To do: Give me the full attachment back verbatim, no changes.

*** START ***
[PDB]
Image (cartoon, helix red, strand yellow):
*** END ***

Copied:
[PDB]
Image (cartoon, helix red, strand yellow):